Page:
WHAT IS IMPETIGO?
Impetigo is a common infection of the top layers of skin caused by bacteria that are frequently carried as normal skin flora.
- Usually begins as small red sores or blisters that can leak fluid and form a yellow crust around the mouth, arms, legs, or diaper area.
- Can develop anywhere there is injury to the skin including cuts, scrapes, insect bites, or even irritation caused by a runny nose.
Impetigo is contagious:
- It is unlikely to spread to others if wounds are kept covered.
- It can spread from one person to another by close contact with the sores of someone who is infected or items they have touched.
- It can be itchy, so children can also spread the infection when they scratch and then touch other parts of their body.
HOW LONG DOES IMPETIGO LAST?
- With proper treatment, sores should typically heal within 1 week.
- There may be some darkening or lightening of the skin which can take up to 1 year to return to normal; however, sores do not usually scar unless your child repeatedly picks at them.
WHAT IS THE TREATMENT FOR IMPETIGO?
If there are only a few small sores, impetigo is easy to treat with soap, water, and a prescription antibiotic ointment or over the counter Neosporin (however, Neosporin is unlikely to be as effective) that is applied to the skin with the following steps:
- Wash your hands and wear gloves, if available.
- Use a warm, soapy washcloth to gently remove any crust over the sores. This allows the medication to reach the bacteria. It is okay if this causes a small amount of bleeding.
- Apply the antibiotic ointment to each sore and the area of skin around it. Start rubbing from the outside and work to the center of the sore.
- Cover the area loosely with gauze or a Band-Aid. Do not use completely occlusive would dressings as they might inhibit healing and facilitate spread.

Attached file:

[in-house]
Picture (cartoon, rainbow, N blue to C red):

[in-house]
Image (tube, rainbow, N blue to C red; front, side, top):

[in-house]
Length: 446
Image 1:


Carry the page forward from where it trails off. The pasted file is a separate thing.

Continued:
- Wash your hands when finished. Repeat as instructed by your antibiotic prescription.
Large or more widespread sores may require a prescription oral antibiotic to take by mouth. Sores should still be covered loosely with gauze or a bandage. This helps air get to the area while still preventing your child from touching and spreading germs.
Once you start treatment:
- Wash any clothes, towels, bed linens or other items that may have touched the bacteria. These items should not be shared with anyone else.
If your child is itching:
- Keep fingernails cut short and have them wear cotton socks or mittens on their hands to prevent scratching.
Children can generally return to school or daycare as long as any sores, blisters or drainage can be contained in a clean, dry bandage.
WHEN SHOULD YOU SEE YOUR DOCTOR?
Call IMMEDIATELY if:
- Sores are rapidly increasing in size or number
- Your child starts to act very sick
Call during office hours if:
- There has been no improvement within 48-72 hours of starting antibiotic treatment (topical or oral)
- The impetigo is not healed after completing antibiotic treatment
- A fever (temperature > 101°F) or sore throat occurs
- You have any other concerns